“The way it seems that first ladies are portrayed on this show is not realistic,” said Battle. “But I would like to see the show for myself in order to have a clearer understanding and perspective of the show. I think that to be a successful first lady, we need to look at 2 John for the biblical guidelines of what a first or elect lady should look like. She should first be a success as a good homemaker and support to her husband. She should also have healthy self-esteem, being aware of her own purpose and her own calling.”

Ivy said that people should tune in before making a snap judgment after seeing the trailer.

“From the trailer, you really don’t get a full picture of who we are as women or who we are as wives, but you do get some very, very controversial pieces of who we are,” said Ivy. “Watch and see because it’s going to be a ride. It’s wild. It’s funny. It’s tear-jerking. It’s very emotional. It’s cathartic. It’s all of these things rolled into one.”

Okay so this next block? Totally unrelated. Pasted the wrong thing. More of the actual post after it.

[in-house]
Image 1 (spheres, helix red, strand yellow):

About the author, Jacqueline J. Holness

Jacqueline J. Holness is a preacher’s kid, a preacher’s grandkid, and a preacher’s niece who blogs at afterthealtarcall.com. She is also the author of After the Altar Call: The Sisters’ Guide to Developing a Personal Relationship With God.
  1. If there are life lessons to be learned and the focus can be not so much on the sensational and more on the spiritual then perhaps some good can come from the series. That being said however, TLC is not TBN so from that perspective, and TLC already showing by the trailer they are going for the sensational, there are great doubts in what this series will achieve and what redemptive qualities it will promote.